Rabb's fringe-limbed treefrog (Ecnomiohyla rabborum)

GenusEcnomiohyla (1)
SizeMale snout-vent length: 6.2 - 9.7 cm (2)
Female snout-vent length: 6.1 - 10 cm (2)

Rabb’s fringe-limbed treefrog is classified as Critically Endangered on the IUCN Red List (1).

Rabb’s fringe-limbed treefrog (Ecnomiohyla rabborum) was first discovered in 2005, and only described as a new species as recently as 2008 (2) (3), but the arrival of a fungal disease in the only known population may since have driven the species to extinction in the wild (3) (4). As of early 2012, a single remaining captive individual was believed to be the very last of its kind anywhere in the world (5).

A large frog, Rabb’s fringe-limbed treefrog is characterised by substantial webbing on the feet, large discs at the ends of the digits, and scalloped fringes of skin on the outer margins of the forearms and the feet. The head is wider than the body, with a relatively long snout, the top of the head is quite flat, and the eyes are brown. The upper surface of the body is brown, mottled with lighter shades, and the skin is granular in texture. The underside is white with irregular brown spots, while the chin and upper part of the chest are brown (2).

Remarkably, Rabb’s fringe-limbed treefrog has the ability to change the colour of its skin, producing varying amounts of green flecking on the upperparts, flanks and eyelids (2).

Adult male Rabb’s fringe-limbed treefrogs have conspicuous expansions on the upper arm bone (humerus), with black, keratinised spines on the skin covering the projection (2). These structures are likely to be used by the male to grasp the female during mating (‘amplexus’).

Rabb’s fringe-limbed treefrog is believed to be endemic to the mountains in the immediate vicinity of the town of El Valle de Antón, in the Coclé and Panamá provinces of central Panama. It is so far only known from sites on the Pacific slope of the mountains, but it is possible that it may also be found on the Atlantic slope near Altos de Maria (1) (2) (3) (4).

Rabb’s fringe-limbed treefrog inhabits montane cloud forest, at elevations between 900 and 1,150 metres (1) (2) (3) (4). Most individuals have been found in primary forest, although some have also been recorded in secondary forest (2).

Living in the forest canopy, Rabb’s fringe-limbed treefrog shows a remarkable behaviour when threatened, leaping from the treetops and using its outstretched limbs and large, webbed hands and feet to glide through the air (2) (3) (4). Individuals have been seen to leap from heights of up to nine metres and land safely on the ground (2). The species is active at night (2), and is likely to feed on a variety of insects, such as crickets and cockroaches (3).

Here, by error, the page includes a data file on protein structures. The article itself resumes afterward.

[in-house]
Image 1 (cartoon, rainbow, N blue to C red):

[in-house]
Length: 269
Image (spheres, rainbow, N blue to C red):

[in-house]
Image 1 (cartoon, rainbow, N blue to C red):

Male Rabb’s fringe-limbed treefrogs appear to be territorial, calling to defend water-filled tree holes in which breeding takes place (2) (3) (4). The call consists of a single ‘grrrrrck’, repeated at regular intervals for up to two minutes at a time. Males may call throughout the year, although breeding activity usually peaks between mid-March and May, at the start of the rainy season (2).

In addition to defending the tree hole, the calls of the male Rabb’s fringe-limbed treefrog may serve to attract females to the site, and several females may lay eggs in the hole throughout the year. The eggs are deposited just above the waterline, on exposed bark or wood, with clutch size estimated to range from around 60 to as many as 200 eggs (2).

After laying the eggs, the female Rabb’s fringe-limbed treefrog leaves, but the male remains at the hole and guards the eggs and tadpoles. In an extreme form of parental care, the male may even allow the tadpoles to feed on its skin, which the tadpoles apparently scrape off in small flecks as the male lies half submerged in the water (2) (3) (4).

Rabb’s fringe-limbed treefrog was already uncommon at the time of its discovery, but since the fungal disease chytridiomycosis arrived in the region in 2006, only one individual has been heard calling, in 2007 (1) (2) (3) (4). No individuals were detected during field surveys in 2008, and the species may now be extinct in the wild (3) (4).

Even if some individuals have survived the disease, the habitat of Rabb’s fringe-limbed treefrog is under threat from forest clearance for the development of luxury holiday homes, and its restriction to a single, small site puts it at particular risk of extinction (1).

Zoo Atlanta, the Atlanta Botanical Garden and the El Valle Amphibian Conservation Center have been involved in efforts to collect Rabb’s fringe-limbed treefrogs for captive breeding (1) (3) (6). Unfortunately, this failed to produce results (1).

Field surveys are continuing in an attempt to locate any remaining wild individuals of Rabb’s fringe-limbed treefrog (1). However, in early 2012 one of only two captive individuals died at Zoo Atlanta, meaning that the remaining male at the Atlanta Botanical Garden is likely to be the last Rabb’s fringe-limbed treefrog still in existence anywhere in the world (5).

To find out more about Rabb’s fringe-limbed treefrog and its conservation see:

For more information on amphibian conservation, including the problems associated with chytridiomycosis, see:

Authenticated (03/07/10) by Dr Joseph R. Mendelson III, Curator of Herpetology, Zoo Atlanta.

  1. IUCN Red List (May, 2010)
  2. Mendelson III, J.R., Savage, J.M., Griffith, E., Ross, H., Kubicki, B. and Gagliardo, R. (2008) Spectacular new gliding species of Ecnomiohyla (Anura: Hylidae) from Central Panama. Journal of Herpetology, 42(4): 750-759.
  3. Zoo Atlanta - Rabb’s fringe-limbed treefrog (May, 2010)
  4. Amphibia Web (May, 2010)
  5. Zoo Atlanta: Press release - Zoo Atlanta frog was one of only two of his kind left on Earth (February, 2012)
  6. Mendelson III, J.R. (July, 2010) Pers. comm.